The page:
Thanks to a new grant, the Center for Applied Research in the Apostolate (CARA) at Georgetown University will conduct four studies of women religious and host a visiting scholar.
The center will use a $240,000 grant from the Conrad N. Hilton Foundation, which also funds Global Sisters Report, to perform the research and host the scholar.
The research includes:
• A study of emerging religious institutes in the United States, duplicating and comparing earlier work done 10 years ago;
• A study of the impact of international sisters who are studying at U.S. Catholic colleges and universities, including how they contribute to the Catholic identity and mission of the U.S. schools and how their education affects their ministry back home;
• A continuation of the annual "Entrance Class of ... " surveys sent to all women and men entering U.S. religious institutes each year, which provides a snapshot of who is entering religious life today; and
• An annual CARA special report focused on women's religious life and ministry globally and nationally for three years.
In addition, in partnership with the African Sisters Education Collaborative (ASEC), one sister from Africa will come to CARA for six months as a visiting scholar to learn and experience applied research in the church. The collaborative facilitates access to education for women religious in Africa that leads to expansion of the education, health, economic, social, environmental and spiritual services sisters provide. The three-year program will fund one sister per year.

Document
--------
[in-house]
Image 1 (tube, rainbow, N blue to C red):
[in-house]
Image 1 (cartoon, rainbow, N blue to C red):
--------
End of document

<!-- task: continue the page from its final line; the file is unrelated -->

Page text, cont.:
Sr. Jane Wakahiu, executive director of ASEC, said the partnership is the first step in what she hopes will be a future institute to study religious life in Africa, similar to CARA's work in the United States.
"ASEC graduates are serving 26 million people today," Wakahiu said. "But our data gathering practices are inadequate, and data is essential to measuring impact."
"We want to have a conversation, to continue researching the type of the service [sisters] need to administer, not only to collect the data, but to understand it in relation to other congregations within the country and continent," Wakahiu told GSR.
She said one possible area for the sister researcher to explore is how the well-documented membership decline among U.S. congregations can help African congregations understand how to keep their numbers more stable.
Jesuit Fr. Thomas Gaunt, CARA's executive director, said the grant from the Hilton Foundation will have far-reaching effects.
"We are delighted that the Hilton Foundation continues to focus on Catholic sisters as resourceful, efficient, and powerful agents of social change," Gaunt said in a statement announcing the grant. "With the Foundation's continued support we will be able to research the impact of sisters as well as work with sisters from Africa on applied religious research."
The Conrad N. Hilton Foundation was created in 1944 by Conrad N. Hilton, who founded Hilton Hotels. The foundation's work extending Hilton's support for the work of Catholic sisters is one of its six priority areas.
[Dan Stockman is national correspondent for Global Sisters Report. His email address is email@example.com. Melanie Lidman is Middle East and Africa correspondent for Global Sisters Report based in Israel.]